And the bank that extended credit to you becomes concerned and wants more collateral.

Suppose that’s happening in the wholesale market where ETFs are created and redeemed. It far outstrips any other form of fund-flows — $4 trillion already this year through November (estimated), $400 billion per month.

If the value of the collateral used to create ETF shares – stocks – is of indefinite and unpredictable and falling value, the capacity to extend credit collapses. And prices start falling everywhere.  Those who borrowed must sell assets to cover obligations.

What if that’s the cause, not the economy or tariffs? That should matter to pundits, investors and investor-relations professionals (and CEOs by extension).

We have the data. Use it. We expect markets to jump Dec 19-21 through the final expirations period of 2018. But it’s a credit market subject to credit shocks.

Sector Insights

We take a moment to honor the passing of George Herbert Walker Bush, 41st President of the United States, who earned respect across aisles and left a legacy of dignity, achievement and service.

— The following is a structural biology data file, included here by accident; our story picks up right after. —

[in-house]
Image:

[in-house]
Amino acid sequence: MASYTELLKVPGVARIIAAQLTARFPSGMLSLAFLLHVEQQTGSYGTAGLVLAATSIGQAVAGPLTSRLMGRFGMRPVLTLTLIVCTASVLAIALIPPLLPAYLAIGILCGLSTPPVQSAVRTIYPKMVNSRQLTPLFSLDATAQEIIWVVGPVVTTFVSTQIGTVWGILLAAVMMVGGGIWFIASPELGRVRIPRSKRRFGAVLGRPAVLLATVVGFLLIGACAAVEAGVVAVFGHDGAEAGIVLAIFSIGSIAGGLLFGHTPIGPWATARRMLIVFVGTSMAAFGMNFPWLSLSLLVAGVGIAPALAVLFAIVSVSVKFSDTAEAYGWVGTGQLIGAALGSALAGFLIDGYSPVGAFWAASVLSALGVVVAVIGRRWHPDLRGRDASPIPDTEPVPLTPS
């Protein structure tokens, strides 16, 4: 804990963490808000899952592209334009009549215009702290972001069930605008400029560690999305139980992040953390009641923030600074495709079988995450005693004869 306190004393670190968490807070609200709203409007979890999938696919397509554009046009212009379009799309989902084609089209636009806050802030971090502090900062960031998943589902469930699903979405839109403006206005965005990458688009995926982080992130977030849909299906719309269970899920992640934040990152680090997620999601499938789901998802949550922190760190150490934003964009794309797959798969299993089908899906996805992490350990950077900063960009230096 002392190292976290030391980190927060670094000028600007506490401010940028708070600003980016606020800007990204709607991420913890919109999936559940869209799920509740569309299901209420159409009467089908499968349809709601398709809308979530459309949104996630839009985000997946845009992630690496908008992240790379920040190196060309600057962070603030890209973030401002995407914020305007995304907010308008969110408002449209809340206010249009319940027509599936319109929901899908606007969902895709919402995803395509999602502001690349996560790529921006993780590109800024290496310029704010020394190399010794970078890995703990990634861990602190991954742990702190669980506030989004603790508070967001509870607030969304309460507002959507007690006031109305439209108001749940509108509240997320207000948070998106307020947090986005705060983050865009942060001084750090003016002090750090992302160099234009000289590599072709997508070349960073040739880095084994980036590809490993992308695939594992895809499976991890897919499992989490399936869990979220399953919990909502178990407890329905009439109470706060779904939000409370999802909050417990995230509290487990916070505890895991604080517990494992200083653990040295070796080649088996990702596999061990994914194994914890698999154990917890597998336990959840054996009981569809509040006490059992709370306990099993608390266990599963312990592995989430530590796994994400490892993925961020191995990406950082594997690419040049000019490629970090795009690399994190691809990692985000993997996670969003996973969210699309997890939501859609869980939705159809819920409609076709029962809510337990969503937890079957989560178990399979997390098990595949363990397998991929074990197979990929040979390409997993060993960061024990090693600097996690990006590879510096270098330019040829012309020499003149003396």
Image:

Markets are closed today in Presidential honor, perhaps fortuitously, though it won’t surprise us if stocks surge back, confounding pundits. A CNBC headline at 4:24pm ET yesterday said, “Dow plunges nearly 800 points on fears of cooling economy.”

The article said the slide steepened when Jeffrey Gundlach of Doubleline Capital told Reuters the yield-curve inversion (three-year Treasury notes now pay more than five-year notes) signals that the economy is “poised to weaken.” A drubbing in Financials (weren’t we told higher rates help banks?) and strength for Utilities were said to support that fear.

Yet Sector Insights (I’ll explain in a moment!) for Financials show the rally last week came on Active Investment – rational people buying Financials.  In a spate of schizophrenia, did Active money seize a truncheon and bludgeon away its gains in a day?  Possible, maybe. But improbable.

Utilities have been strong all year (see Figure 1). Market Structure Sentiment™ for Utilities from Jan 3-Dec 3, 2018 is 5.4/10.0 – solidly GARP (sectors trade between 4 and 7 generally). Utilities haven’t dipped below 4.0 since late June.

If strength in Utilities signals economic fear, did it commence in January (or March, when they soared after the market corrected)?

What if it’s market structure?  Did anyone ask?  Add up the week-over-week change in the two behaviors driving Utilities highe